- Core – the new Evolved Packet Core nodes
- Silicon, platforms, and subsystems – the new chipsets and other subsystems or devices needed to implement the LTE Access and Core equipment
- Software and protocols – similarly for software and protocol stacks
- Test and measurement – the new equipment needed by vendors and operators to test and monitor LTE Access and Core equipment
- Terminals/CPE. These are obviously crucial and will be made in vast quantities, so their omission might seem surprising. But there is a simple reason – they don’t really exist in the commercial-product sense yet. Yes, it’s almost GSM all over again: The standards are done, the infrastructure equipment exists, but there is not much on the CPE side – and the first services are launching in the next 12 months or so. Of course, this will be rectified in time, but it is a useful corrective to the industry’s tendency to overhype LTE’s commercial mass-market readiness.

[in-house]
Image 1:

In the meantime, there are demonstration devices and early platforms and chipsets (some of which are mentioned in the following pages). Given LTE’s high bandwidth capabilities and low latencies, and relatively limited early geographical coverage, most of the early CPE are likely to be data-type card dongles for laptops and netbooks, rather than flashy smartphones like the Apple iPhone.
- Antennas. Although LTE brings new antenna technologies to mobile networks, these are not new per se – WiFi networks have used MIMO techniques for some time, for example – and arguably belong more to the general art of RF communications than to any specific application such as LTE. In the interests of manageability, they are thus omitted, but, for the record, relevant vendors include Ace Antennas, Cellmax Technologies, Motorola Inc. (NYSE: MOT),Powerwave Technologies Inc. (Nasdaq: PWAV),